Two weeks ago, the New University featured an essay by some group called the Irvine Faculty Association. I don’t know who they are or if they represent every teacher at UC Irvine, but I would like to respond to their statements about Professor Steven Salaita, who was offered a post at the University of Illinois, which was later rescinded over some comments he had made relative to the Israeli-Palestinian conflict.
First of all, the authors conveniently left out the most egregious statement Salaita reportedly made (in a tweet), which came in the wake of the kidnapping of three Israeli teens who were later found murdered. This is the statement attributed to Salaita:
“You may be too refined to say it, but I’m not. I wish all the (expletive) West Bank settlers would go missing.”
Salaita’s explanation was that he just meant that he wanted all the Israeli settlements to close. That hardly holds water. Those three boys didn’t disappear because they had moved out of their home and moved to Tel Aviv. If that was all he meant, why say anything about who is “too refined to say it”?
Since Salaita had left his previous hire and sold his home, I expect he will eventually receive some compensation for his expenses. Having said that, I hope the university sticks to its guns. Nobody has a constitutional right to any job, and an employer can decide whom they hire — and yes, change their minds. As things stand now, the Students for Justice in Palestine, predictably, have rushed to his aid trying to arrange speaking appearances in universities around Chicago with appeals for stipends, contributions, etc. I expect we will soon see him speaking here at UCI claiming victimhood.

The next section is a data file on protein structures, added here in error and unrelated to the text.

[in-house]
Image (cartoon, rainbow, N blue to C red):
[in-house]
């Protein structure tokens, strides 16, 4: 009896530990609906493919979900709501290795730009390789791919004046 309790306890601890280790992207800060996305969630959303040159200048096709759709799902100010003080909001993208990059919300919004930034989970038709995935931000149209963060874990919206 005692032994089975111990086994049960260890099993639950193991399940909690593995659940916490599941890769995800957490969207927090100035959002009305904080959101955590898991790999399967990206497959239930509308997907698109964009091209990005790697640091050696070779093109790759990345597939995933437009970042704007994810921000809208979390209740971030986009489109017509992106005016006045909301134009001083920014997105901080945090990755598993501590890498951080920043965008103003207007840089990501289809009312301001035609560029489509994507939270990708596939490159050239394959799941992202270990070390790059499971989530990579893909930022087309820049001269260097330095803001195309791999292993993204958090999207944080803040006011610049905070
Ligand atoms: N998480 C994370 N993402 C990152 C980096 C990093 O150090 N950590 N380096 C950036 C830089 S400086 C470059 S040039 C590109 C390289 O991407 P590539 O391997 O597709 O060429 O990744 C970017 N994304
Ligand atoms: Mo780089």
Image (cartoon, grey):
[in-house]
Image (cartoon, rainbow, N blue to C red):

Salaita has his free speech rights, and nobody is calling for his arrest. Even the above statement is protected. However, when it comes to a position at a university, there should be some limit when it comes to advocating violence, kidnapping and death to certain individuals or groups of individuals. UI has apparently decided that Salaita went over the line and that some of his statements were, indeed, anti-Semitic. As for those “wealthy donors” mentioned (what university donors aren’t wealthy?), just who are they referring to?
This article is also highly overblown with cries of impingement of faculty free speech rights. Leaving aside the question of whether it is professional for teachers to use their classroom as a soapbox to indoctrinate students to their view of the world, what is there to cry about? The leftists and the pro-Palestinian crowd dominate the discourse in universities all the US. It is the other side, the conservative side, and the pro-Israel side which hardly has a voice on university campuses. The authors even have the nerve to refer to the so-called Irvine 11, who denied the Israeli ambassador to the US his right to speak without loud disruptions.
As for the statement made by UCB Chancellor Nicholas Dirks, it came in the wake of constant complaints over the past years of anti-Semitic speech and intimidation on UC campuses including UCB. The original statement itself, in my view, was weak and pusillanimous, but my impression reading between the lines was that it was a thinly-disguised plea for the pro-Palestinian lobby on campus to clean up its tactics. He should have demanded it. Then he wrote a second letter apparently because he was afraid he might have offended someone.
As for ex-Professor Salaita, if he needs a job, I suggest he team up with ex-Professor Norman Finkelstein, who is now reduced to the lecture circuit. They can do a traveling road show together.
Gary Fouse is an adjunct teacher at UCI Extension. He can be reached at email@example.com.